Marmalade Nursery

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About Marmalade Nursery

Name Marmalade Nursery
Ofsted Inspections
Address 82-84 Lawsons Road, Thornton-Cleveleys, Lancashire, FY5 4PW
Phase Childcare on Non-Domestic Premises, Full day care
Gender Mixed
Local Authority Lancashire
Highlights from Latest Inspection

What is it like to attend this early years setting?

The provision is good

Children are excited to start their day at the welcoming nursery. They greet the tortoises as they arrive and are welcomed by the friendly staff. Children show that they feel safe as they rush to hug staff.

Staff have high expectations of children. Overall, children behave well and interact positively with staff and their peers. When children display less acceptable behaviour, leaders quickly implement strategies to manage this and to ensure that it does not have a negative effect on other children's learning and well-being.

There is a true focus on developing children's appreciation of the world around them. Children ...are excited to learn. They learn about life cycles as they care for caterpillars and see how they change into butterflies.

Children go on interesting outings which support their learning. They visit a cenotaph and learn about Remembrance Day. Children enjoy a visit from local police and learn about people who help us.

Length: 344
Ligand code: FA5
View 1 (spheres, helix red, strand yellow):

They find out about different cultures and celebrations, such as Diwali, from their friends. This helps them to understand how they are unique.Children benefit from the well-planned outdoor areas which they use daily and in all weathers.

Babies listen with fascination to the noise made by the rain from underneath their shelter. Older children hone their counting skills, completing number puzzles with staff in the cosy, purpose-built pod in their garden area.

What does the early years setting do well and what does it need to do better?

Leaders' genuine passion for how children learn, shines.

They plan a broad and interesting curriculum which means that children are constantly engaged in exciting learning experiences. Leaders know what they want children to learn next based on what children already know and can do. Children are well prepared for the next stage of their learning.

Children's interests, discussions and individual learning styles are the basis for how staff organise the environment and the activities that they offer. For example, young children show an interest in flowers in the garden. This leads to an activity where children pour and mix, using real flowers to make 'tulip tea'.

However, the strong focus on supporting children's individual learning styles sometimes overshadows the curriculum intent. The learning intentions are not always clearly understood by all staff, particularly those working with younger children. This means that children do not always fully achieve the aims of each activity.